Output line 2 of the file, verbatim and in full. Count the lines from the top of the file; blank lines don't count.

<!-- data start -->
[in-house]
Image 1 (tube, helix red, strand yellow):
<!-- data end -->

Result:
Image 1 (tube, helix red, strand yellow):